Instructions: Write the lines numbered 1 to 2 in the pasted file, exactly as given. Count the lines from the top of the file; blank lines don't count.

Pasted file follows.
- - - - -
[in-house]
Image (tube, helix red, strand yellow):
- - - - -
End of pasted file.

[in-house]
Image (tube, helix red, strand yellow):